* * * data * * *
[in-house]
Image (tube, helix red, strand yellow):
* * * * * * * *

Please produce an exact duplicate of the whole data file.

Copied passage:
[in-house]
Image (tube, helix red, strand yellow):